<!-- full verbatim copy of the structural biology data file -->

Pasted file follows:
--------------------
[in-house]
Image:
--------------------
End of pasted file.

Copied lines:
[in-house]
Image: